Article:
. By 1980, breeding Cirl Buntings were more or less confined to the south coast between Rame Head and the Lizard and the north coast from Polzeath to Perranporth [Table 2]. The BTO national survey in 1982 located only 9 pairs in five 10km squares [Sitters 1985].

The 1990’s saw a continued range contraction and decline in numbers. There were records from thirteen 10km squares but breeding only from two, both on the south coast. Cirl Buntings maintained a tenuous hold in the Falmouth area and at St Keverne. With only a single record from this area in the 1980’s, the series of breeding records from this decade illustrates how Cirl Buntings micro-populations can either be overlooked, or establish themselves when conditions are favourable – be it only temporally. It also shows how vulnerable and unsustainable a small isolated population can be.  The last proven breeding in the county [prior to the 2006 re-introduction] was in 1994 although it’s possible that the odd pair were successful after then. Table 3 lists all the 1990 records.

By the 2000 millenium Cirl Buntings were almost certainly extinct as a breeding species in Cornwall. However in neighbouring Devon, the population was recovering due to the concerted efforts of Cirl Bunting Recovery Programme.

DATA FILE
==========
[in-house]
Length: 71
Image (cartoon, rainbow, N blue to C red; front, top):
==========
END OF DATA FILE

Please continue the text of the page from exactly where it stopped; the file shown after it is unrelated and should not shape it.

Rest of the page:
In the next issue the period from 2000 until the present will be examined together with a current assessment of the population in Cornwall as a result of the re-introduction programme.

Table 2    Cirl Bunting records in Cornwall 10km squares 1980-1989

SW 61 Single males at Mullion on 9 May 1982, 11 Nov1984 and the Lizard on 16 Apr 1985.
SW63 A male at Black Rock on 19 Aug 1983.
SW71 A singing male at Bass Point on 5 Apr 1987 and a male at Coverack on 29 Dec1989.
SW72 A singing male at St Keverne on 27 Apr 1986.
SW75 Pairs at Perranporth in 1982 and Sept 1986. A male on 31 Dec 1987; 2 territories in 1988 and 1989.
SW83 2-3 territories near Falmouth in 1980, 1981, 1983 and 1986. A pair and a singing male in 1984 and 1985. Two pairs probably bred in 1987 and 1989 and 3 pairs in 1988.
SW 86 A singing male at Mawgan Porth on 13 Feb 1982.
SW 87 A male at Trevose Head on 26 Oct 1983, one on 20 Feb 1984, 3 at Porth Maer in Oct 1985, 2 males at Trevose Head on 19 Oct 1986 and another male on 6 May 1989 were all passage birds.
SW93 A singing male at Nare Head on 13 May 1980.